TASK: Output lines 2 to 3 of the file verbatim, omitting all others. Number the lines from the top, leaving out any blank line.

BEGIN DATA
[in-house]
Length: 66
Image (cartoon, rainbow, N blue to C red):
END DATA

Length: 66
Image (cartoon, rainbow, N blue to C red):